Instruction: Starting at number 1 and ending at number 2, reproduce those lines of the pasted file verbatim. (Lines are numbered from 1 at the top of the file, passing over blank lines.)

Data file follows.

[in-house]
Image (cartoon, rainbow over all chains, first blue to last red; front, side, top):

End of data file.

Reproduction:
[in-house]
Image (cartoon, rainbow over all chains, first blue to last red; front, side, top):